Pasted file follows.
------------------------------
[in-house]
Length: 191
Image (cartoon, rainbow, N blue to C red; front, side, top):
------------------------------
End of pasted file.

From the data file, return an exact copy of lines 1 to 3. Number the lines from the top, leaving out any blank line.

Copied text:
[in-house]
Length: 191
Image (cartoon, rainbow, N blue to C red; front, side, top):